This week's Official UK Singles Chart

1 ANOTHER CHANCE (Roger Sanchez)

Tipped by many as a smash hit for some weeks before its release, Roger Sanchez' Another Chance proves that the hype was justified by charging straight to the top of the charts, in the process easing past a still strong Lady Marmalade. Having for years been legendary in production and mixing circles it is only in the last few years that Roger Sanchez has been making records in his own name. His first such chart hit came in February 1999 when I Want Your Love (billed as "Roger Sanchez presents Twilight") made Number 31. Just under a year later he reached Number 24 with I Never Knew. This single is thus far and away his most impressive chart performance ever even if you get the feeling the track probably sounds better in Ibiza than it does on your CD player. For all the talk of how dance music dominates the charts, club tracks have struggled to become major chart hits this year and in fact Another Chance is only the third Number One single this year to have entered the charts straight from clubland. The other two were Rui Da Silva's Touch Me in January and DJ Pied Piper's Do You Really Like It from last month. Both could only manage a solitary week at the top. Can Mr Sanchez improve on this? For what it's worth, the last dance track to spend more than a week at the top was Modjo's Lady in September last year.



Having made one of the singles of the year so far in the shape of Teenage Dirtbag (Number 2 when released in February, 9 weeks in the Top 10, 19 weeks in the Top 40 and even playlisted on Radio 2!) the pressure was on Wheatus to make the followup at least half as good to avoid them being labelled as one hit wonders. Happily their second British hit is a doozy. Straight from the list of cover versions you thought you would never hear is this thoroughly entertaining remake of... an Erasure song. A Little Respect first appeared on Erasure's 1988 album The Innocents. Released as a single in October that year it made Number 4 before going on to become a US Top 20 hit in early 1989. As you might expect this new version replaces most of the synths with guitars but still keeps the spirit (and indeed the arrangement) of the song intact. If nothing else it serves as a wonderful reminder of the days when Vince Clarke and Andy Bell wrote songs that lifted you out of your chair with their sheer joyous energy. This is by no means the first time an Erasure song has been covered by another act. First to do so were Dollar who turned their early flop O L'Amour into a Number 7 hit in early 1998. In 1992 the celebrated Abba tribute group Bjorn Again counterpointed Erasure's own chart-topping Abba-esque EP with Erasure-ish, a double-sided single that saw Stop covered in the style of Does Your Mother Know paired with their own version of A Little Respect. The package made Number 25.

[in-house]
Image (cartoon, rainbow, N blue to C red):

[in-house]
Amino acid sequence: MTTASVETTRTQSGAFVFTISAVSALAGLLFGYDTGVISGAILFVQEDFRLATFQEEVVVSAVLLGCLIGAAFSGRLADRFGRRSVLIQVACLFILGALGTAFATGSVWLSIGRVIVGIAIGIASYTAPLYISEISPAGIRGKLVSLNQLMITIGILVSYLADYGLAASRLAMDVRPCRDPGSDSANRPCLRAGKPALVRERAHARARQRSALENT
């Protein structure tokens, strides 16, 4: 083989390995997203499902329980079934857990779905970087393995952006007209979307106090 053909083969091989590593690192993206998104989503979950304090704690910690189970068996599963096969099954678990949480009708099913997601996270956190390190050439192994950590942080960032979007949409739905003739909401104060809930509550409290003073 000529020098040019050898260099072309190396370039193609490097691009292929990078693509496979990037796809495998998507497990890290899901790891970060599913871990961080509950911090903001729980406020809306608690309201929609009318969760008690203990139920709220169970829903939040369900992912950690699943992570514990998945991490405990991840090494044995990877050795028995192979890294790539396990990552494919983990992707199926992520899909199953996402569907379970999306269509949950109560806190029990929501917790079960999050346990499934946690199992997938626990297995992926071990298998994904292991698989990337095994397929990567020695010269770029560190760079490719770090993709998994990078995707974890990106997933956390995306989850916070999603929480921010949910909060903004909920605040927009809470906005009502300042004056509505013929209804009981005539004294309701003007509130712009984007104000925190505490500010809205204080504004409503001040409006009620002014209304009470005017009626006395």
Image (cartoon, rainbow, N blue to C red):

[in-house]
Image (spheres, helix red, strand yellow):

A US skate-rock act in the UK Top 5? Some mistake surely. Actually no, as the debut single from the California five-piece has benefitted enormously from not only a huge amount of airplay support but also from the fact that it is actually rather damn good. Sounding like a cross between Len and Sugar Ray, the single has the kind of irresistible chorus that has summertime chart hit written all over it. Note that the combined first week appeal of Wheatus and OPM has managed to push even Hear'Say down to Number 5 this week.


11 IRRESISTIBLE (Jessica Simpson)

Second album time for Jessica Simpson, the bright-eyed American singer whose initial impact last year was lessened somewhat by the simple fact that she is neither Britney Spears nor Christina Aguilera. Hence nobody had any real reason to care, despite two chart hits in the shape of I Wanna Love You Forever and the John Mellencamp sampling I Think I'm In Love With You. For this third single she seems to be aiming for Jennifer Lopez territory, hence the track is imbued with latino spirit and plucked guitars. In truth there is absolutely nothing wrong with it but deep down you just know that Jennifer Lopez would have been nestling inside the Top 3 with this particular track. Jessica Simpson has to be content with her third Top 20 hit.

12 SO WHAT IF I (Damage)